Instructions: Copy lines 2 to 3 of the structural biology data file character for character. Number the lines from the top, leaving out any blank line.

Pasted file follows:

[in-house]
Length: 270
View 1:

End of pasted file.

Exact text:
Length: 270
View 1: